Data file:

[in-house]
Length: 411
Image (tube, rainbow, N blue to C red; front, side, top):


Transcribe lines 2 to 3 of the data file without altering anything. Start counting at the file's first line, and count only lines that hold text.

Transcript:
Length: 411
Image (tube, rainbow, N blue to C red; front, side, top):